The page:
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Friday, June 14, 2024

Eternal is all about the ending

It’s more common than you might think, as film fans will watch and re-watch their favourite movies. But what about re-watching a specific scene from a film? For most of us a single moment in isolation might never get a second look outside the whole. For film and theatre creator Daniel Fish though, the final scene from the 2004 film Eternal Sunshine of the Spotless Mind is the subject of his work Eternal, set to play the 2016 International PuSh Performing Arts Festival.

Combining the unbroken time of theatre and the intimacy of the cinematic close-up, actors Christina Rouner and Thomas Jay Ryan perform the final scene from the Michel Gondry film on a continuous recorded video loop for two hours.

“The three of us had worked together on a theatre piece based on a Nicholas Ray film in 2011, and were looking for another project to do together,” says Fish. “We had originally thought we might do an evening of last scenes from films, but when we hit upon [Eternal Sunshine of the Spotless Mind] something told me to do it again.”

From there his two actors learned their lines and the trio went into the studio to record the scene multiple times in one continuous take, without rehearsal.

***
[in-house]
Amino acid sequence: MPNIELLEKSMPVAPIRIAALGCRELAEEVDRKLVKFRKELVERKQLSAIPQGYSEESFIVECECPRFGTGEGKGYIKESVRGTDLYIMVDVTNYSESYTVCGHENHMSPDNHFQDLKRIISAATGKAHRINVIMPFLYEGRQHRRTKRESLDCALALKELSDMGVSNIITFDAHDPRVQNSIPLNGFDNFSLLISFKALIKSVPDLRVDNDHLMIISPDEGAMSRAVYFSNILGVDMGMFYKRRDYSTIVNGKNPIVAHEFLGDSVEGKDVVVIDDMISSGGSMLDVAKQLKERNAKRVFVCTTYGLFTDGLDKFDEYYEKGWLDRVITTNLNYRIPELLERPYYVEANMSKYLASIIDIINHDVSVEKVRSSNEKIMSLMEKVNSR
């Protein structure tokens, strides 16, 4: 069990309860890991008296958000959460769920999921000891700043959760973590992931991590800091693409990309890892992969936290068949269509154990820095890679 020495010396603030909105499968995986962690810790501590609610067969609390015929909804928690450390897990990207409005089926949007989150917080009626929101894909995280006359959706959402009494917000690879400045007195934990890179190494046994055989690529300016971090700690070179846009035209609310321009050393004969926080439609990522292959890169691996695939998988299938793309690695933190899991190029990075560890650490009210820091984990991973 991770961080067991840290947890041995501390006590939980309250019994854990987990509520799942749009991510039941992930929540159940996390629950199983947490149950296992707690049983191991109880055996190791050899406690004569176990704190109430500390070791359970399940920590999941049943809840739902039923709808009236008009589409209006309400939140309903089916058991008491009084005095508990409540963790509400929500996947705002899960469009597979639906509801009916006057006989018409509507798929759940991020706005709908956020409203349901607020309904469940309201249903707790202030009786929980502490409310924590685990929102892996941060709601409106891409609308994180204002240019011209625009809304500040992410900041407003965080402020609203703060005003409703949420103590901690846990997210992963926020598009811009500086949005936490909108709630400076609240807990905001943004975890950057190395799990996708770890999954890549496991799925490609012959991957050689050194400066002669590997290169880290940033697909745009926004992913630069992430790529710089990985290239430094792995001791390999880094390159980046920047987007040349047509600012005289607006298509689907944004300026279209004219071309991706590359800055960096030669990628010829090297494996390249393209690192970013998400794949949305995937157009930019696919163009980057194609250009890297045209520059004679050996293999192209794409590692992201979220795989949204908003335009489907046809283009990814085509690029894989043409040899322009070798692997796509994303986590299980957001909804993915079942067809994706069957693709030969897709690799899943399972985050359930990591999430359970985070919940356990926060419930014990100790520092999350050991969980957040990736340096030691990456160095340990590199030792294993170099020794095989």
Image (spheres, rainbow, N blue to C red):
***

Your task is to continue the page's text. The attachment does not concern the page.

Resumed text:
“We really stuck to that formal and conceptual choice; I would say action, and we would not stop,” says Fish. “Fortunately it turned out quite well. I’m not sure what we would have done if it hadn’t.”

Fish believes that a big part of how well the finished product turned out was due to their history together.

“Because we had done another piece together there was a trust between us,” he says. “All they do in the piece is unplanned and intuitive. There is a great chemistry between them, and I don’t think it could have happened the same way with actors that hadn’t worked together before.”

Without an answer as to why this particular scene from Eternal Sunshine of the Spotless Mind resonated, Fish does say he has always been drawn to final scenes in film.

“Not that I find other parts of films boring, but there are so many great last scenes in films like Manhattan, La Volce Vita, and of course Eternal,” he says.

Even as the piece repeats the same scene over its two hours, Fish says that while what is being show on screen cannot change, the audience does have an affect on each performance.

“I come from the theatre, and when you do a play it is different every night, and while it is exciting it can also be frustrating because it is not always perfect,” he says. “I thought by filming it, it would be final. What surprised me though was how the piece changes because of the energy of the audience, and how they react to it.”

Eternal plays at the Western Front (303 East 8th Ave, Vancouver) February 2-8. Visit for tickets and information.

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